The above tools – GPG, Tor, and OTR – may be cracked one day by the NSA, or declared illegal by oppressive governments (including that of the US). The important point is that they are tools that were created by the free software community and offered to the public as ways to try to achieve the right to privacy. Unlike corporations, the writers of free software don’t try to control users in order to profit from them. But nor do they have the resources to create vast call centres to do customer service, and indeed all free software comes with a warning that it has no warranty or guarantee. Although the difficulties are often exaggerated, the free software versions of many programs can be difficult to use. What this means is that the price of freedom, or of privacy, online, is not measured in dollars or even in suffering, but in convenience and patience.
Greenwald recounts in his book, No Place to Hide, that Snowden tried to contact him many times before finally reaching him through Laura Poitras. Greenwald didn’t want to go through the inconvenience of learning GPG, and Snowden wouldn’t write him any specifics without it. Even now, most people, including journalists and activists, don’t take the extra time to learn these tools, or to learn about the free software movement. Until Snowden, this included even Greenwald, the very reporter who ended up breaking the story. The ‘crypto party’ movement has arisen to make it possible for people to get together and help each other learn the tools (6). If only a tiny group of people attempt to exercise their rights to online privacy, it will be easier for governments to isolate them. On the other hand, if people assume they have the right to privacy and join the free software movement, it is better for everyone. By exercising your right to freedom, you are making it easier for others to exercise theirs. If you are already using a computer anyway, isn’t it worth some inconvenience?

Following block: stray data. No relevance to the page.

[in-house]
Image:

NOTE: If you are having difficulty getting to a crypto party, but are willing to put in some time and effort to learning the tools for online anonymity that we do have, some of the principles of online privacy and security, and some of the principles of free software, please consider joining the Z School course (7) on the topic, which will begin in April 2015.
First published at TeleSUR English March 2/15: http://www.telesurtv.net/english/opinion/Online-Privacy-Is-Worth-The-Extra-Work-20150302-0021.html
(1) The manifesto is quoted in its entirety in Greenwald’s book No Place to Hide.
(2) See the talk, “Reconstructing Narratives”, here: http://media.ccc.de/browse/congress/2014/31c3_-_6258_-_en_-_saal_1_-_201412282030_-_reconstructing_narratives_-_jacob_-_laura_poitras.html
(3) Free software, or software libre, is software that gives its users the freedoms to view, share, modify, and use the code as they wish, and it is regulated by very carefully constructed licenses, especially the GNU Public License or GPL.
(4) See Scheneir’s blog: https://www.schneier.com/
(5) See the talk, “Freedom in your computer and in the net”: http://media.ccc.de/browse/congress/2014/31c3_-_6123_-_en_-_saal_1_-_201412291130_-_freedom_in_your_computer_and_in_the_net_-_richard_stallman.html#video
(6) In my city, for example, there’s Toronto Crypto: http://torontocrypto.org/. Find out if there’s one in your city.
(7) The course opens in April 2015. Details will be posted on: https://zcomm.org/znet/